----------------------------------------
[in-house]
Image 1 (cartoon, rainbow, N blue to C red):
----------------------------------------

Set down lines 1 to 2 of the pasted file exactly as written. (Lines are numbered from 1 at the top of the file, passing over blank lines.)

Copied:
[in-house]
Image 1 (cartoon, rainbow, N blue to C red):